Global Mobile Banking Usage Highest in India, While Sweden Sees Fastest Growth, Says Globaldata

By On April 25, 2018

Global Mobile Banking Usage Highest in India, While Sweden Sees Fastest Growth, Says Globaldata

Global mobile banking usage highest in India, while Sweden sees the fastest growth, says GlobalData

India leads the world for regular mobile banking usage as a proportion of online consumers with current accounts, while Sweden has risen to second place in the global rankings thanks to the fastest growth of any country between 2016 and 2018, according to leading data and analytics company GlobalData.

Consumers in the majority of global markets, both developed and developing, are using mobile banking services more often than ever before. In 11 of the 20 countries covered by GlobalData’s Annual Retail Banking Insight Survey, the proportion of online consumers who use mobiles for banking at least once a week increased by at least five percentage points between 2017 and 2018.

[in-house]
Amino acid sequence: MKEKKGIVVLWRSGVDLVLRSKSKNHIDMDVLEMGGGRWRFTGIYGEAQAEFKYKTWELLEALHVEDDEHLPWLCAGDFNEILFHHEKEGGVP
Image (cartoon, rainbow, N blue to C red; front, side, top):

Overall, the global proportion of frequent mobile banking users witnessed a 3% growth from 39% in 2017 to 42% in 2018, but there was significant regional variation.

Malaysia, Australia and Italy saw the biggest increases from 2017 to 2018, all having registered double-digit growth. Over the two-year period from 2016, Sweden witnessed the biggest gains, driven by the efforts of its banks and regulators to encourage a cashless society.

At the other end of the scale, India, Norway, Demark, Canada and the US all registered negligible or negative growth.

Daoud Fakhri, Principal Financial Analyst of Retail Banking at GlobalData, says: “India maintains a leading position, bolstered by the government’s demonetization program and the rapid uptake of Paytm’s mobile wallet.

“However, Germany remains a significant outlier as use of mobile banking is far lower than in any other market, and there has been virtually no grow th in recent years.”

Previous research by GlobalData found that security fears are a major barrier to adoption by consumers, and banks need to gear up their public education programs to overcome these concerns

Source: Google News Sweden | Netizen 24 Sweden

Next
« Prev Post
Previous
Next Post »